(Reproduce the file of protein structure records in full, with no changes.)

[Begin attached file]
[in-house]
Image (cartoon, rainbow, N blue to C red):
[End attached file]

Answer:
[in-house]
Image (cartoon, rainbow, N blue to C red):